Page C1.2 . 16 November 2005                     
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    Auroville Today


    At the spiritual and geographic center of Auroville is Matrimandir, a shiny spherical building clad in circular gold-leaf plates in the middle of a large amphitheatre where Aurovilians go to meditate. On the master plan it is surrounded by four zones industrial, residential, cultural, and international that sweep outward from a circular hub.

    From the center of the master plan also radiate the "lines of force" triangular-shaped megastructures. These will be 18-story apartment buildings; the first one is still only partially built.

    The township is still very low in population density. Investment over the years has arrived in installments, and one result is poor infrastructure. There is no public transportation system, and a popular means of getting around is by motor bike.

    Architectural Experiments

    Many diverse building types in a variety of architectural styles are found dotting the landscape. They include thatched palm-leaf huts, apartment complexes that promote community living, cultural pavilions, health centers, schools, workshops, community kitchens, a visitor's center, and the Auroville Center for Urban Research, also known as the city hall. Residential building-project funds come out of residents' own pockets or are provided by the town as loans.

    For architects and builders, the freedom from restrictive regulations has encouraged an experimental approach to design. Low-tech building methods have been adopted to avoid the cost of importing expensive materials. Ferrocement is widely used, as are hand-made bricks, although this is not unusual in India.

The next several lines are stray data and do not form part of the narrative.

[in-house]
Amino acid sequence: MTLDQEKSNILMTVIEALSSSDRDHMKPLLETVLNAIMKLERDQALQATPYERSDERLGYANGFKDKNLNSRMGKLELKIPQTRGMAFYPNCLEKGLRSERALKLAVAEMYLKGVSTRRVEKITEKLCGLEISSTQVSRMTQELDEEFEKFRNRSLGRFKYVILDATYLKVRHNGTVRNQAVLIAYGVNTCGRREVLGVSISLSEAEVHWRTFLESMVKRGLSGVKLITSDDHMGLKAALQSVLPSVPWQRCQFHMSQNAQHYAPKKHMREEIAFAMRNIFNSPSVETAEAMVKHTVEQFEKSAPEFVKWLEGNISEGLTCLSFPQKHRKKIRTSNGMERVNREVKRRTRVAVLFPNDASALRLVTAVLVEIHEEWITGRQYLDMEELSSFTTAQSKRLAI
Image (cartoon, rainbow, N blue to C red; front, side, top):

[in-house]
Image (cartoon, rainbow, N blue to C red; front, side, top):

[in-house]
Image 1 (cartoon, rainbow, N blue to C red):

In the past, the technique of brick-firing was also applied to residential construction by architects such as Ray Meeker and Anupama Kundoo. An entire house, made of wet bricks, was turned into a kiln and left to smolder for a few days until its shell hardened.

    In its early days, Auroville's thatched huts were built by Australian-born John Allen. Their geometry was influenced by the work of Buckminster Fuller. Allen had studied architecture in Sydney, where he was greatly influenced by Fuller's philosophy.

    One of Allen's earliest built designs in Auroville was a geodesic dome made of bamboo. He shrugs off any discomfort of sharing space with rodents and other wildlife that live in the thatched canopies.

    Modern Houses

    To avoid such wildlife was one reason Swiss-born Aurovilian Klara Brogli chose a more modern style for the design of her house. She commissioned German architect Fabian Ostner, who relates that Brogli wanted the house to reflect her appreciation of modern design.

    But, he says, she also wanted it to incorporate "her positive experiences with a specific type of vernacular architecture of Auroville, the 'capsule' a simple and airy loft, made of natural materials, stilted and experimental in its approach and use of materials."

    Influenced by the work of Rem Koolhaas, Klara's House is a two-story structure, rectangular in plan, centered around an open yet sheltered first-floor pavilion.   >>>

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    ArchWeek Image

    Keet huts in Fertile, a relatively isolated community tucked away in Auroville's green belt.
    Photo: Robert Such

    ArchWeek Image

    International Zone of Auroville's master plan.
    Image: Helmut Schmid

    ArchWeek Image

    Plan for Auroville's European Agora.
    Image: Helmut Schmid

    ArchWeek Image

    Tree houses in Fertile.
    Photo: Robert Such

    ArchWeek Image

    Keet house.
    Photo: Robert Such

    ArchWeek Image

    Klara's House by German architect Fabian Ostner.
    Photo: Robert Such

    ArchWeek Image

    Klara's House.
    Photo: Robert Such

    ArchWeek Image

    Klara's House.
    Photo: Robert Such


    Click on thumbnail images
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